Specialized policies to protect against online attacks are offered by about 50 carriers, including big names like the American International Group, Chubb and Ace. As data breaches have become a reality of the business world, more companies are buying policies; demand increased 21 percent last year from 2012, according to Marsh, a risk management company and insurance broker.
Yet companies say it is difficult to get as much coverage as they need, leaving them vulnerable to uncertain losses.
The main problem is quantifying losses from attacks, because they are often intangible — lost sales or damage to a brand name, like the public relations disaster Target suffered after the breach of its point-of-sale systems late last year.
“The losses that are more tangible and more readily quantifiable are the ones you’ll be able to insure against more easily,” said Ed Powers, who heads the online risk services practice at Deloitte & Touche, the accounting firm. “The ones that are less tangible and less quantifiable are more challenging, but those are often the bigger ones.” More...
That massive number, tallied for CNNMoney by Ponemon Institute researchers, is made even more mind-boggling by the amount of hacked accounts: up to 432 million.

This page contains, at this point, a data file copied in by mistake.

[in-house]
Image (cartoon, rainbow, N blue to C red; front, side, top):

The exact number of exposed accounts is hard to pin down, because some companies -- such as AOL (AOL) and eBay (EBAY, Fortune 500) -- aren't fully transparent about the details of their cyber breaches. But that's the best estimate available with the data tracked by the Identity Theft Resource Center and CNNMoney's own review of corporate disclosures.
The damage is real. Each record typically includes personal information, such as your name, debit or credit card, email, phone number, birthday, password, security questions and physical address.
It's enough to get hunted down by an abusive ex-spouse. It makes you an easier target for scams. And even if only basic information about you is stolen, that can easily be paired with stolen credit card data, empowering impostors. More...
The White House has carved out an exception for the Federal Bureau of Investigation and other agencies to keep information about software vulnerabilities from manufacturers and the public. Until now, most debate has focused on how the National Security Agency stockpiles and uses new-found Internet weaknesses, known as zero-day exploits, for offensive purposes, such as attacking the networks of adversaries.
The law enforcement operations expose a delicate and complicated balancing act when it comes to agencies using serious security flaws in investigations versus disclosing them to protect all Internet users, according to former government officials and privacy advocates.
“You might have a bad guy using a zero-day to attack a nuclear facility,” Steven Chabinsky, a former deputy assistant director in the FBI’s cybersecurity division, said in a phone interview. “The FBI doesn’t disclose that vulnerability because they don’t want to tip their hand.” More...
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